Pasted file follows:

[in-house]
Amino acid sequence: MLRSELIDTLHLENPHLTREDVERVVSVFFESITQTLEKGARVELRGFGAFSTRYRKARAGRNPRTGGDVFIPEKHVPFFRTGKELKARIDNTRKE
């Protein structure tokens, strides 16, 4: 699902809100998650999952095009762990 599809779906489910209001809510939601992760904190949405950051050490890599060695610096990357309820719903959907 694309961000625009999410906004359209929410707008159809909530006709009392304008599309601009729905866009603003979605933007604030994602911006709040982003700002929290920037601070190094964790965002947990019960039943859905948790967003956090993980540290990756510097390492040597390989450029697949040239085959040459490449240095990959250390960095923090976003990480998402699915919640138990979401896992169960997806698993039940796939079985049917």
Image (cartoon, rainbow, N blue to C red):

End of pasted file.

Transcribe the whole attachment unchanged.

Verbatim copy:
[in-house]
Amino acid sequence: MLRSELIDTLHLENPHLTREDVERVVSVFFESITQTLEKGARVELRGFGAFSTRYRKARAGRNPRTGGDVFIPEKHVPFFRTGKELKARIDNTRKE
């Protein structure tokens, strides 16, 4: 699902809100998650999952095009762990 599809779906489910209001809510939601992760904190949405950051050490890599060695610096990357309820719903959907 694309961000625009999410906004359209929410707008159809909530006709009392304008599309601009729905866009603003979605933007604030994602911006709040982003700002929290920037601070190094964790965002947990019960039943859905948790967003956090993980540290990756510097390492040597390989450029697949040239085959040459490449240095990959250390960095923090976003990480998402699915919640138990979401896992169960997806698993039940796939079985049917």
Image (cartoon, rainbow, N blue to C red):